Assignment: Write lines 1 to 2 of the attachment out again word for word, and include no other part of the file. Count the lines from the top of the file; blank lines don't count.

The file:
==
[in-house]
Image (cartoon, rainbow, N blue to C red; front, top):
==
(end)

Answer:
[in-house]
Image (cartoon, rainbow, N blue to C red; front, top):